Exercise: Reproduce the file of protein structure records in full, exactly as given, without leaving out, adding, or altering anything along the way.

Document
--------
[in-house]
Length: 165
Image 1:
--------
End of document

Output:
[in-house]
Length: 165
Image 1: